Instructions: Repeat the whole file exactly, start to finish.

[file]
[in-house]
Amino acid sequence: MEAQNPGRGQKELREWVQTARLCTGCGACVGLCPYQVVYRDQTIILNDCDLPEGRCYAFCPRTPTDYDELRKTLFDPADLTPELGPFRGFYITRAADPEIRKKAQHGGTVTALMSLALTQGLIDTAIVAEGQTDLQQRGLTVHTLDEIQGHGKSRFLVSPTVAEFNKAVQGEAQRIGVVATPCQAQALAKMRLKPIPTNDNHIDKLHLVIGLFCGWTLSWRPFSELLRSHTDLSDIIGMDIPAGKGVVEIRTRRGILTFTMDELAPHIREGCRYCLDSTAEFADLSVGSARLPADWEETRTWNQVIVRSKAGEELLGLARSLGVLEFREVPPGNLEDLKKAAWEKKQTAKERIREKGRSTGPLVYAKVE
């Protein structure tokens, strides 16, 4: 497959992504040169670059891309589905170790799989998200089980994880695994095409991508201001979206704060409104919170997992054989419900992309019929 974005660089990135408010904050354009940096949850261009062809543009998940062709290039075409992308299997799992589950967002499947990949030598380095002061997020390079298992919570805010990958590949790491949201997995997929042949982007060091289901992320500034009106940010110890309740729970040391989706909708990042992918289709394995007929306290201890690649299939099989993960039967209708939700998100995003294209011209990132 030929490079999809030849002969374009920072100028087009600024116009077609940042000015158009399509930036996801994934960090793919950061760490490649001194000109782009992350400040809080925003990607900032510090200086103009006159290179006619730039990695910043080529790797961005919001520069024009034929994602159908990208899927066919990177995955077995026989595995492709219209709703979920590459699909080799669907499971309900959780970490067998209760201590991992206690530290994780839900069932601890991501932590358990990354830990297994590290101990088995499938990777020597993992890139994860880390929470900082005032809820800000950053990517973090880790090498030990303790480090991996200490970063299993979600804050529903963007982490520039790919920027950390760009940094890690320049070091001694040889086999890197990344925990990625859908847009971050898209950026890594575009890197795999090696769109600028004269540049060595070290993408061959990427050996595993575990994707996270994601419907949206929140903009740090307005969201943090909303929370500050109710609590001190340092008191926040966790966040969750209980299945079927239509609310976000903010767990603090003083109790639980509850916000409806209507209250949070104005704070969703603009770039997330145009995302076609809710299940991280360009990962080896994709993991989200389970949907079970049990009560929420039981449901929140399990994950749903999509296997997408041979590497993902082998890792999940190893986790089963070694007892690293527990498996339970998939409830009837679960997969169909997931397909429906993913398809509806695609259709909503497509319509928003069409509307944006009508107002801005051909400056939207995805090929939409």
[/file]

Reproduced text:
[in-house]
Amino acid sequence: MEAQNPGRGQKELREWVQTARLCTGCGACVGLCPYQVVYRDQTIILNDCDLPEGRCYAFCPRTPTDYDELRKTLFDPADLTPELGPFRGFYITRAADPEIRKKAQHGGTVTALMSLALTQGLIDTAIVAEGQTDLQQRGLTVHTLDEIQGHGKSRFLVSPTVAEFNKAVQGEAQRIGVVATPCQAQALAKMRLKPIPTNDNHIDKLHLVIGLFCGWTLSWRPFSELLRSHTDLSDIIGMDIPAGKGVVEIRTRRGILTFTMDELAPHIREGCRYCLDSTAEFADLSVGSARLPADWEETRTWNQVIVRSKAGEELLGLARSLGVLEFREVPPGNLEDLKKAAWEKKQTAKERIREKGRSTGPLVYAKVE
């Protein structure tokens, strides 16, 4: 497959992504040169670059891309589905170790799989998200089980994880695994095409991508201001979206704060409104919170997992054989419900992309019929 974005660089990135408010904050354009940096949850261009062809543009998940062709290039075409992308299997799992589950967002499947990949030598380095002061997020390079298992919570805010990958590949790491949201997995997929042949982007060091289901992320500034009106940010110890309740729970040391989706909708990042992918289709394995007929306290201890690649299939099989993960039967209708939700998100995003294209011209990132 030929490079999809030849002969374009920072100028087009600024116009077609940042000015158009399509930036996801994934960090793919950061760490490649001194000109782009992350400040809080925003990607900032510090200086103009006159290179006619730039990695910043080529790797961005919001520069024009034929994602159908990208899927066919990177995955077995026989595995492709219209709703979920590459699909080799669907499971309900959780970490067998209760201590991992206690530290994780839900069932601890991501932590358990990354830990297994590290101990088995499938990777020597993992890139994860880390929470900082005032809820800000950053990517973090880790090498030990303790480090991996200490970063299993979600804050529903963007982490520039790919920027950390760009940094890690320049070091001694040889086999890197990344925990990625859908847009971050898209950026890594575009890197795999090696769109600028004269540049060595070290993408061959990427050996595993575990994707996270994601419907949206929140903009740090307005969201943090909303929370500050109710609590001190340092008191926040966790966040969750209980299945079927239509609310976000903010767990603090003083109790639980509850916000409806209507209250949070104005704070969703603009770039997330145009995302076609809710299940991280360009990962080896994709993991989200389970949907079970049990009560929420039981449901929140399990994950749903999509296997997408041979590497993902082998890792999940190893986790089963070694007892690293527990498996339970998939409830009837679960997969169909997931397909429906993913398809509806695609259709909503497509319509928003069409509307944006009508107002801005051909400056939207995805090929939409």